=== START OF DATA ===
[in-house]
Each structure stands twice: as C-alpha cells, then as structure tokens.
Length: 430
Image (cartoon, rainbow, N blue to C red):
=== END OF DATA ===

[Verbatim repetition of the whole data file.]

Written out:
[in-house]
Each structure stands twice: as C-alpha cells, then as structure tokens.
Length: 430
Image (cartoon, rainbow, N blue to C red):